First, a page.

GNU Screen

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If you have nothing to do with Linux you probably can stop reading now. Unless you want to get introduced to a very nice tool in the Linux world. I can say without doubt that this saves me at least an hour every month. In addition it gets you away from doing some mundane “set-up” like things every time to start working. It has a load of features but today I’ll just scratch the surface. But it’ll be enough to start you off and I promise you’ll be glad you found screen.

One of the programs that I love and can’t go through the day without is GNU Screen. It’s like a Window manager, but only for your terminals. You know, like you are working with so many terminals/consoles/terminal-windows all the time (one to the DB, one with vim open, one to run the tests, one to run the program etc., one to watch the logs, a few to prod boxes etc.). And then you disconnect and then reconnect (from home, somewhere else) and you have to set-up all that again?

Yeah screen can help you with all that. My work pattern involves connecting to a screen session (and I get all the windows/context loaded). Whether I connect from work, home from somewhere else, all I have to say is:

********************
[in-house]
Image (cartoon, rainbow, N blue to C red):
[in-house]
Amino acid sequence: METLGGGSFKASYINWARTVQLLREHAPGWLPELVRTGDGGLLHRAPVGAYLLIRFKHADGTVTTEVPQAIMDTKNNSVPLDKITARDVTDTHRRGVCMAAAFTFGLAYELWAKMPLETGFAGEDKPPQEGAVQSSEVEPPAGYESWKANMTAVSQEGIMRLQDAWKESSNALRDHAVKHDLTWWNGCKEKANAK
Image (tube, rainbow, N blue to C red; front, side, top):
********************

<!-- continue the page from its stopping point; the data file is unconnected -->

$ screen -ls (to see what sessions I have running)
$ screen -R some-session-name

And it’s wicked-easy to switch between different windows, search through your history etc. You can also configure it to do a few “start-up” things every time. For example, at home, I have screen

  1. configured to Open 4 windows when it starts up and
  2. have window-0 go to my code dir (to teh root of my RubyOnRails part of the site)
  3. start up auto-test on window-1
  4. show the logs on window-2
  5. ssh into the blue host (which hosts my site)

Since the windows are persisted, I don’t have to do all these things every time I connect (for a lazy programmer (and all programmers are lazy aren’t they?) that’s a lot of help). You can even share the screens with someone else (I have not tried that yet though).

Anyway, I hope you are sold by now. Even if you are not, spend some time (shouldn’t be more than a couple of hours) installing/configuring/running screen and you will soon reap the rewards. To get you started:

A word about configuring: heard that Ubuntu will soon shipping with decent .screenrc (sane default configuration) so you don’t have to. Meanwhile you can configure it yourself (as in the Red Hat guide above) or look at these cool options: Here is my .screenrc:

vbell off
vbell_msg "Ring"

# detach on hangup
autodetach on

# don't display copyright page
startup_message off

# scroll back
defscrollback 1000

# setup the caption
hardstatus alwayslastline "%{-b gk}%-w%{+b kg}%50>%n %t%{-b gk}%+w %=%C%< "

# right/left bindings
bindkey "^[[c" next
bindkey "^[[d" prev
bindkey "^[[b" focus

# Set the altscreen so that when you quit vi, it will go back to
# what it was before
altscreen on

And finally, my delicious links for screen.

Happy “screen”-ing :)